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Blood in the Mind, Part 2

Now we know. The gunman was mentally ill. His creative writing teacher had notified all the authorities that she could. But, according to law, no one could take "action" until Cho Seung-Hui had threatened to harm someone. Not likely from a young man who did not even say hello when greeted by his classmates or neighbors. In fact, Cho Seung-Hui never said anything at all to his own college roommate. Remember dorm rooms? Those cubicles with bunk beds or some other arrangement that maximizes limited space? Can you imagine being in close quarters like that and never saying a word to the person with whom you shared them? He had not verbally threatened anyone, although his creative writing was full of violence and threatening content. But he had set fire to his dorm room earlier. Is that not considered threatening behavior?

There needs to be a way to address the dangers caused by mental illness before physical threats are made, before fires burn out of control. The law is the result of logical--and faulty, and ignorant--thinking. It assumes that a mentally ill person will threaten first, then act. That is not always the case. While we wait for laws to catch up with reality (it will be hard because there is so much "grey" area to consider), parents need to learn more about mental illness. How could this young man's parents have watched his behavior and not been militant about getting him help, including hospitalization? How could they have even thought he was stable enough to go to college?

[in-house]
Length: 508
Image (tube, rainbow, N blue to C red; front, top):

And, gun control, it can no longer be denied, is an oxymoron in this country. There are 65 million hand guns in the US (these are just the registered ones). 11,500 people die from hand guns every year. It is the height of absurdity that in this country, where we cannot board an airplane with a bottle of water in our hands, that a resident alien with a history of mental illness can plunk down a credit card and walk out the door with a gun. The only criteria the shop owner had to adhere to was to be sure that his buyer had not committed a felony. Women cannot board a plane with a tube of lipstick on their person, but a resident alien, not a citizen, can buy a gun. And then murder 33 people.

But let's leave the US for just a moment. Let's turn our gaze to Iraq, where what happened at Virginia Tech happens EVERY SINGLE DAY AND NIGHT to innocent men, women, and children. As Larry Johnson says in his post at TPM Cafe, "This is horrible and this is tragic and it gives us an idea of what it is like to live just one day in Iraq."

Closet the guns. Stop the war. Pray for the families and friends who have lost someone they love, blasted by bullets, bloodied by steel, killed for no good reason at all. Tragedies like this one should make us see that there is no dividing line between political parties, countries, cultures, or classes. There is only one dividing line, the one that passes between good and evil. We may need to look twice to be sure which side of the line we are on.

Text and image, copyright 2007 Ysabel de la Rosa

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